Nantu Bhai stands up. Baset sits just a few steps away, but Nantu Bhai gropes his way wildly among the chairs, fumbles at the walls. “Baset, dear Baset, my brother, I want to see that garden. I want to feel that fragrant breeze. Give me that chance, Baset, just this once. Believe me, I will come with my purest soul, I will do whatever you ask me to. But just once…”

Baset laughs lightly. “What are you looking for, Nantu Bhai?”

“For you! Where are you?”

“Right in front of you.”

“But I can’t find you.”

“But I can see you perfectly.”

“You see perfectly in this dark?”

“Why not? I can see you go white as a sheet with fear, the goosebumps on your skin, I see you trembling in terror, gulping frequently, I can even see your chest heaving with every breath.”

“And? What else do you see?”

“I see the sal tree beside my house.”

Nantu Bhai is suddenly still. He flops into the nearest chair and says weakly, “Please call someone.”

“Who should I call?”

“My wife, my children, any household help, anybody.”

Baset calls out: “Anyone around?”

There is no reply. Baset gets up and calls out louder: “Anybody around? Nantu Bhai seems unwell.”

“But I have to go. Anyway, listen. If you stand at the foot of the sal tree and look straight left, you’ll see a house with a corrugated tin roof. That’s our house. But if you still have doubts, you could ask anyone for the house in front of which the war was fought.
Anyone would show you”

Baset listens. There is no reply. Before the power cut, he had heard cars driving down the road, rickshaws tinkling their bells, someone singing a folk song at the corner paan shop, some loud western music blaring from a loudspeaker in the distance. Now, there is nothing. Not even the rustle of the wind under the curtains. Baset sees Nantu Bhai sitting very still, his head in his hands.

“Nantu Bhai.”

“Tell me. I’m listening.”

“Will you recognise the sal tree?”

“I think I will.”

“Why do you need to think? You’ll see the huge tree with big leaves, standing haughtily, staring at the sky. If you go close enough and listen, you’ll hear Atahar calling you.”

“Which Atahar?”

“The most ferocious warrior of the Muktibahini, Atahar Hosain. Don’t you remember him, the eldest son of Aftab Miyan the milkman? You have drunk Aftab Miyan’s milk. The dark guy with the pock-marked face, completely bald — remember?”

“Yes, I remember.”

“You ordered Atahar to be buried alive. Remember? The spot they buried Atahar in — that’s where the sal tree is.”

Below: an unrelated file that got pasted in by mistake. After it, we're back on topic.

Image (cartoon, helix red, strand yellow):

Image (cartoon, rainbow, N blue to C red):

“Baset, nobody has come.”

“But I called.”

“Call louder.”

“My call was so loud that not just the neighbourhood, but the whole race could respond.”

Nantu Bhai staggers to his feet, leaning on the arm of the chair. “Anyone?” he calls, and slumps back into his chair, exhausted.

“Nobody answered!” he pants.

“Nantu Bhai, I must go home now.”

“Don’t leave me alone!” Nantu Bhai screams.

“But I have to go. Anyway, listen. If you stand at the foot of the sal tree and look straight left, you’ll see a house with a corrugated tin roof. That’s our house. But if you still have doubts, you could ask anyone for the house in front of which the war was fought. Anyone would show you.”

“The war was fought in front of your house?”

Baset laughs softly. “Where in this land was the war not fought? Think about it.”

Translated from the Bengali story ‘E kon thikana’ by Antara Dev Sen


Khalamma: respectful term of address for maternal aunt

Muktibahini: literally, the freedom brigade; the freedom fighters seeking independence from Pakistan. Their armed struggle finally led to the secession of East Pakistan and the creation of Bangladesh in 1971

Kaash, bhat, madar, arjun: names of trees, flowers and long grass abundant in the alluvial plains of Bangladesh

Veena: musical instrument associated with the music of the heavens

Paan: betel leaf

p. 1 p. 2


Rashid Haider, a leading fiction writer of Bangladesh and chronicler of the liberation war of 1971, is former Director of the Bangla Academy, Bangladesh’s national academy of arts and letters. He lives in Dhaka